The Fury Of Baikal

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July 26th 2010
Published: August 2nd 2010
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Lake Baikal, the oldest and deepest lake on this planet, as well as providing about 20% of the world's freshwater. Its deepest point is about 1600 meters. Apparently there are 1, 700 species of animal and plant, two thirds of which can be found nowhere else in the world. As a result it has become a Unesco world heritage site.

I went into town and caught a micro-bus to a village off the eastern shore of Baikal, called Goryachinsk. The driver, some big angry man, was giving me shit about my backpack and wanted me to pay for another seat to put it on, but I insisted I'd just hold on to it. I placed it back on the floor when he went to the driver's seat. The town was nice and from what I could see and compare, typically Russian, with small wooden houses dotted along the few roads. Many people come to Baikal during the summer months to vacation, especially from nearby cities like Irkutsk and Ulan-Ude but also as far as Moscow. I began walking down a road, but it turned out to be the opposite of the lake as I found out when I asked a local couple walking by. They spoke surprisingly good English and walked with me to the shore and even helped me carry some things (I had a few bags of food), and then I scouted out a place far from anyone else. I walked around a tiny beach and found a tiny and remote peninsula jutting out with white clean sand and decided it would make a great camp site. The weather was perfect, the water stood deathly still and doubled the sky immaculately. I didn't have cooking equipment, instead I ate beans, bread, corn and the like. Then came a glorious sunset and of course huge fire that resembled a signal fire more than anything else.

At around one AM I put the fire out and went into the tent, and that's when the wind suddenly picked up. Not just a breeze either but some of the strongest gusts I've ever felt in my life! My tent began to cave in, this was the one I picked up in Mongolia, and didn't exactly have the greatest faith in it. Then my tent began to move, even with me and my bags inside it! Rain was falling heavily, thunder boomed like a sub woofer, and when I looked out lightning filled the sky and was striking the lake itself, in fact it struck several times too close to the tent. Yeah I felt pretty safe in my tent by the shore! The sandy beach was the worst place to put the tent pegs and I may as well have not pegged it at all. Even the rocks I had placed on the outside were useless against the shifting sands. So I ran out, grabbed the heaviest rocks I could find and threw them into the tent. Everything, including myself was soaked. Although the tent was secure, I was worried the material would rip apart, or that lightning would take a direct hit at me, or that the tide would creep up and wash me away...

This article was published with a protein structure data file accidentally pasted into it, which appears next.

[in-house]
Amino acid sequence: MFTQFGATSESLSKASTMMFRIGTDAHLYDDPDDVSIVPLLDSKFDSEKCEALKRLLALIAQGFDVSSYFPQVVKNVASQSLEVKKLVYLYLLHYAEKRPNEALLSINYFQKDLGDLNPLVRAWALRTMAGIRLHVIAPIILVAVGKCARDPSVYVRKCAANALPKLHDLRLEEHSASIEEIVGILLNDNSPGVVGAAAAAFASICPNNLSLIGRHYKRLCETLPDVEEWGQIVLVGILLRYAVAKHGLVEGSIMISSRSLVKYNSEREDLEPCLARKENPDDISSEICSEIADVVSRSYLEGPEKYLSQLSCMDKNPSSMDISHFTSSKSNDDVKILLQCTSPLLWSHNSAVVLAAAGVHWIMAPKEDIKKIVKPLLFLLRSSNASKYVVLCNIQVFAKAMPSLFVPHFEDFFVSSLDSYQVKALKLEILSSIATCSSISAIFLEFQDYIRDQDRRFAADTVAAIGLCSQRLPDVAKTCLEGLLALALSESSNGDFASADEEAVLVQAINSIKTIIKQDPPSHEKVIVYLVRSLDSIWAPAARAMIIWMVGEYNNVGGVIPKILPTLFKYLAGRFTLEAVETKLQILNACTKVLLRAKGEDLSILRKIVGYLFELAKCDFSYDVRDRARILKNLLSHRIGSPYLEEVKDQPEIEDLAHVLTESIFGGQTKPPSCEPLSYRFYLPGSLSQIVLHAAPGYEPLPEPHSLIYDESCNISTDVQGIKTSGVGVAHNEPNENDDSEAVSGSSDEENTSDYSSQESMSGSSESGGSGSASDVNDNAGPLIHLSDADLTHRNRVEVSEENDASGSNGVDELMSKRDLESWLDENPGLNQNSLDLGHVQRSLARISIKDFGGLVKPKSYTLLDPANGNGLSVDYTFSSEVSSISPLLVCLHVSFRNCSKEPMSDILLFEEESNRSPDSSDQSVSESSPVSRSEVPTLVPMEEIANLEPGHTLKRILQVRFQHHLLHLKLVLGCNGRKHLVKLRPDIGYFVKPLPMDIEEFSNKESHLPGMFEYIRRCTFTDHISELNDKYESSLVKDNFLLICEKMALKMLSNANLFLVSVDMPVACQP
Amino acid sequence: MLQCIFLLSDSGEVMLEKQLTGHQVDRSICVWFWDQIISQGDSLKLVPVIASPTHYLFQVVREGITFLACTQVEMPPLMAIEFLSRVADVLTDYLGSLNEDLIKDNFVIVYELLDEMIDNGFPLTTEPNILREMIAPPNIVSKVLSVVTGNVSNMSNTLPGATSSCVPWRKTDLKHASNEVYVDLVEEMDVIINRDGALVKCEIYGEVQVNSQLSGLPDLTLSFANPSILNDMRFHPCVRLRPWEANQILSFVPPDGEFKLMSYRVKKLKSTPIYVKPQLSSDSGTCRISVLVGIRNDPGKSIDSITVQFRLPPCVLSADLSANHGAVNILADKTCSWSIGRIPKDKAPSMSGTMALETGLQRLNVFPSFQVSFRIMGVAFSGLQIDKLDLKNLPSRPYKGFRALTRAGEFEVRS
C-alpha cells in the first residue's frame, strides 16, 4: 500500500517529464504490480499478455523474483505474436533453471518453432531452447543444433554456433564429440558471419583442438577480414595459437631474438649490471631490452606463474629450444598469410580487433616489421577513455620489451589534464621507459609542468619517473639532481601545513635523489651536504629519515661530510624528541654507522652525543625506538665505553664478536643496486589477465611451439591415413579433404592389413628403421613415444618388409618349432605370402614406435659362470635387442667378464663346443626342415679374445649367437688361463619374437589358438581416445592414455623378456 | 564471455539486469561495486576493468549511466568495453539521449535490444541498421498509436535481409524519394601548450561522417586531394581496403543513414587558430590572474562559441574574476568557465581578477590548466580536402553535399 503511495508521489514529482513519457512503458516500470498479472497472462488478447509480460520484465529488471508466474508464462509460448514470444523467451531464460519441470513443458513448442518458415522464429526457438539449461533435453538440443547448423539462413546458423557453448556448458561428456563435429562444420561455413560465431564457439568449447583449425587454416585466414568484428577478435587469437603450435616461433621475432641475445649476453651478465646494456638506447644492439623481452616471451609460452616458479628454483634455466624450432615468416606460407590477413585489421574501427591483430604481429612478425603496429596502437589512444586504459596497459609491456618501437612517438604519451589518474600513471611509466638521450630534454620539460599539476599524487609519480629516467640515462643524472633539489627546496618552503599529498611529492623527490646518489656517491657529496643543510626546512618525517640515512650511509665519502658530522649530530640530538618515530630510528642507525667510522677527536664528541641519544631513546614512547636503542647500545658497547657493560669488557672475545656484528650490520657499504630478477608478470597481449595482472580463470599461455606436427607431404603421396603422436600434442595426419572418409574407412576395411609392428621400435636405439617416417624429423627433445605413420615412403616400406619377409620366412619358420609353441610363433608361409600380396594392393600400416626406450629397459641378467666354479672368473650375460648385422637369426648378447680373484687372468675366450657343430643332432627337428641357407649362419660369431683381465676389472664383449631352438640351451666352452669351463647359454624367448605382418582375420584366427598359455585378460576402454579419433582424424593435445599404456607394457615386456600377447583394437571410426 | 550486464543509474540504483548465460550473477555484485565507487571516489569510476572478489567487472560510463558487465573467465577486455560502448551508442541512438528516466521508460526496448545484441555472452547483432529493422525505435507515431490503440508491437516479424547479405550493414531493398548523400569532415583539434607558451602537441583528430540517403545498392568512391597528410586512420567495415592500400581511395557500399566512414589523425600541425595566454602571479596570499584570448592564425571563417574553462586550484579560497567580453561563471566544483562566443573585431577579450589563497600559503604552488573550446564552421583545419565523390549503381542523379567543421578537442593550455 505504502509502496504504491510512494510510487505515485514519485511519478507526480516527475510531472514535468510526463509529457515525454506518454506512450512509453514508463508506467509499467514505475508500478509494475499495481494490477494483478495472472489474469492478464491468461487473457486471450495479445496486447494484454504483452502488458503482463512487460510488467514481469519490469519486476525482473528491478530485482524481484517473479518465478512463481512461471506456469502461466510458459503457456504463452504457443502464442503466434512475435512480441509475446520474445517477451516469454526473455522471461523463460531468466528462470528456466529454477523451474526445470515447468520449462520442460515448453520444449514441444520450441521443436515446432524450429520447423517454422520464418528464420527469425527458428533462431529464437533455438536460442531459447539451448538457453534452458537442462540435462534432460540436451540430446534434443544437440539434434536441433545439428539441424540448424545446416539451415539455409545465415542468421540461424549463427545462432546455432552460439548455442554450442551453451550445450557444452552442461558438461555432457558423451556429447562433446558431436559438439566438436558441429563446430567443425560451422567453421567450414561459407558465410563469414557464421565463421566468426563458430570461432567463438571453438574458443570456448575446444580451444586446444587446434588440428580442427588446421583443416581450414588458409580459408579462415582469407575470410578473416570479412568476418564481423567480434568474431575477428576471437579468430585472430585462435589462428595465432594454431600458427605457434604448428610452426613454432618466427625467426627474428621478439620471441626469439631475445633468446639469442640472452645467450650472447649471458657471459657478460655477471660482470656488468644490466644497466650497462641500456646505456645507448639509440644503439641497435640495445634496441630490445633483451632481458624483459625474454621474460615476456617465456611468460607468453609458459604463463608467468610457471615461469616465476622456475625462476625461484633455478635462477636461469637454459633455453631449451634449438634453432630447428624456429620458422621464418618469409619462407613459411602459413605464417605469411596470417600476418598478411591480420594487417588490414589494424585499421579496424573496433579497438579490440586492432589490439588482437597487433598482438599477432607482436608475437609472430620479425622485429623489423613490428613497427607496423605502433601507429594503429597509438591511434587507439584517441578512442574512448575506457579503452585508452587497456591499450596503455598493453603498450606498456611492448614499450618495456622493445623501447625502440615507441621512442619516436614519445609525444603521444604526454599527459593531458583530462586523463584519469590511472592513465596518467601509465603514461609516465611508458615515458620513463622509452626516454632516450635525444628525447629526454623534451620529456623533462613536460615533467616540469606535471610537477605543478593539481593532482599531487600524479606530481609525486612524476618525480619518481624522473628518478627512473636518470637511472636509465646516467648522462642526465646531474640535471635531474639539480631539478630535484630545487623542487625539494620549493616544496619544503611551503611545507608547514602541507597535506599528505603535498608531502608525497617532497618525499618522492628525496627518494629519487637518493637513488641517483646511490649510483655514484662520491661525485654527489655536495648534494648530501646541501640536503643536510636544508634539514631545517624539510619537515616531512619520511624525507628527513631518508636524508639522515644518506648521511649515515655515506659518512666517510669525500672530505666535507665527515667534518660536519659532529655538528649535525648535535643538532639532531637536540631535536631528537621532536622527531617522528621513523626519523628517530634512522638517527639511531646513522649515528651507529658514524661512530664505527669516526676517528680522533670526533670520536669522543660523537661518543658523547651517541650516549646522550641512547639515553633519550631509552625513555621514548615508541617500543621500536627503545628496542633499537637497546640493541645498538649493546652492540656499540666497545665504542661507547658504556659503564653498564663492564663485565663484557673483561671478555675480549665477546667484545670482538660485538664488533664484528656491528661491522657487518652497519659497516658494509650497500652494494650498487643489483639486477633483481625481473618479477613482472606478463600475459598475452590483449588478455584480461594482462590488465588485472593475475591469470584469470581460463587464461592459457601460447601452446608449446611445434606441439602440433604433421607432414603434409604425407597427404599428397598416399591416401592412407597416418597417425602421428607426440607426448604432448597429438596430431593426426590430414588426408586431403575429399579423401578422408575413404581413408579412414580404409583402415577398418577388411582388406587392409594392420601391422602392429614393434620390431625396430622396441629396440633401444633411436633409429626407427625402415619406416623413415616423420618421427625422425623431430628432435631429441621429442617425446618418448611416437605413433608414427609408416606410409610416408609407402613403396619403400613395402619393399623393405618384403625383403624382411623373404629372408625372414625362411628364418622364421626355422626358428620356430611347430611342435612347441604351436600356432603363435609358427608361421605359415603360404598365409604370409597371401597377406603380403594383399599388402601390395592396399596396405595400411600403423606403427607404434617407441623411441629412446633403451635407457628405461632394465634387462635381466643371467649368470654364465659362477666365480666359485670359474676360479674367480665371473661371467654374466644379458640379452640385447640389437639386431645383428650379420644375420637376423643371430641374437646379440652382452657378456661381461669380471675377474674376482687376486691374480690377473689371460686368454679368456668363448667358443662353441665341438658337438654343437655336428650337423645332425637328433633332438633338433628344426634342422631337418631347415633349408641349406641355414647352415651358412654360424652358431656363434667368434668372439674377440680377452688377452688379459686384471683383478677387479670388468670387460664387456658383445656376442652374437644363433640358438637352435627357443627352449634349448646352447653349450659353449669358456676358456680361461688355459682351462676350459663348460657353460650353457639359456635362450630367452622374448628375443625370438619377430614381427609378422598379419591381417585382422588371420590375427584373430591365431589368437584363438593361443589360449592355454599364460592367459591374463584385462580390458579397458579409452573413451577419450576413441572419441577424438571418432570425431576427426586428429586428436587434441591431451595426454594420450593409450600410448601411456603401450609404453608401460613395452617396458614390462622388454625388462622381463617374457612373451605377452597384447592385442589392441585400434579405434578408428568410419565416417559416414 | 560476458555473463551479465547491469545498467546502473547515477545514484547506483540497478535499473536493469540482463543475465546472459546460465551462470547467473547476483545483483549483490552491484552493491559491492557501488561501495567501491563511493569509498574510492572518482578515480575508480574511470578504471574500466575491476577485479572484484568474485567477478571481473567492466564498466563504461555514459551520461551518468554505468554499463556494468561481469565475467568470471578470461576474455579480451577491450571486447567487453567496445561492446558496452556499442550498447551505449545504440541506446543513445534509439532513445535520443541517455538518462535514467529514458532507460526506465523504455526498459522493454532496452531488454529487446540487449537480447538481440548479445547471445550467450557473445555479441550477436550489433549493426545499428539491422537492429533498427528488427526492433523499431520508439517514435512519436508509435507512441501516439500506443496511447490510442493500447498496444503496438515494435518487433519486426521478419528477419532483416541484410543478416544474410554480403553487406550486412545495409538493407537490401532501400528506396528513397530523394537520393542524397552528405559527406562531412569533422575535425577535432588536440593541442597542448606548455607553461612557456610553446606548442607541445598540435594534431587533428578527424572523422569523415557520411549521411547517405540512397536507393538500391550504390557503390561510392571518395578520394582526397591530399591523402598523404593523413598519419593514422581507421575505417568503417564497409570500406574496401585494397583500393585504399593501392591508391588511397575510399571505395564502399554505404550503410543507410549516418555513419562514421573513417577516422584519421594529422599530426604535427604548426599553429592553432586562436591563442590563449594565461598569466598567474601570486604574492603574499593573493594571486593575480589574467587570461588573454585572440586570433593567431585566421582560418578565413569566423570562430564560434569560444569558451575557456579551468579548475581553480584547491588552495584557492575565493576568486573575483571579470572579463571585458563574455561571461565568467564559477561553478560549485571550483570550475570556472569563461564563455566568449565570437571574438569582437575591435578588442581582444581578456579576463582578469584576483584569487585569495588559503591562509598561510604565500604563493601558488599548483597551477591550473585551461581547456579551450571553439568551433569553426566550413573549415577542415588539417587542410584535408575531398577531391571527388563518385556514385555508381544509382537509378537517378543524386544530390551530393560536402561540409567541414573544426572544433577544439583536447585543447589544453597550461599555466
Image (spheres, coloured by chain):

Morning came and it was another beautiful day, albeit a little windy, but no one could have guessed what went on the previous night. Happy I survived, I enjoyed the rest of the day relaxing, swimming, eating more canned food, and drying out my stuff. That evening I made an even bigger fire with the ample wood available around me and hoped I wouldn't have to deal with anymore weather bullshit.

And alas, I didn't have to worry as that night was as quiet as a mouse. I packed up and made my way back to the village. Met some folks with limited English, who were intrigued with me and how I came to be in Russia. Maybe it's because they don't get too many tourists here but this group of young people just couldn't get it as to why I was in Russia or why I was traveling at all. Also met some dude I could hardly understand, but he got across he was from Kyrgyzstan and then showed me some small hot springs from which people were drinking the sulfuric water. He filled a bottle for me and I'll admit, it tasted like ass but I thanked him for the effort, then walked out of the town and hitchhiked back to Ulan-Ude.

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